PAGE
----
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Has high frequency trading doomed the little guy?

April 11, 2014
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By Andy Tilp, CFP®

Learn more about Andy on NerdWallet’s Ask an Advisor

Michael Lewis has caused quite a stir with his latest book, “Flash Boys,” and attendant interview on “60 Minutes.” Listening to the recent hype, it sounds like the little guy is doomed and doesn’t have a chance. But let’s look beyond the sound bites and news scrolls on the bottom of the screen, and take a look at what this means to the average investor.

The crux of the controversy is high-frequency trading. Basically, HFT is acting as a market maker, matching buyers and sellers of a stock. Computers and algorithms see that an order to sell a stock is placed. The HFT system buys the stock and immediately turns around and sells it to fulfill the order. Their advantage comes from the speed at which they operate. The entire transaction can occur in a few milliseconds. They make their money by adding a penny or less to the cost of each share. When this transaction is repeated millions of times, those fractions of a penny can add up to real money very quickly.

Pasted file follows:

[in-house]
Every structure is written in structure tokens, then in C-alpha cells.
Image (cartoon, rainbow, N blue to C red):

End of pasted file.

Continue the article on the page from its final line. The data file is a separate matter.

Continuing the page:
To capture these trades, requires massive computing power and speed. Even the tiniest delay in receiving and processing the data can make a difference.

(Note: There are other HFT trading methods, but the focus here is on this process.)

So the question is, what does this mean to you, the average investor? Unless you are a day trader eking out pennies of profit on your trades, it probably means nothing. While it is an interesting mathematical problem to determine the derivative of the instantaneous rate of change of a stock price, it is not applicable to the long-term growth of your portfolio.

Rather, the average investor should have a diversified portfolio of no-load index mutual funds or low-fee exchange-traded funds and be invested for the long term. This means investing in the fundamental growth of the market, where companies grow and make a real profit. The only trading in a long-term portfolio should be an occasional rebalance so you can take your profit from your winners and buy what investments are on sale.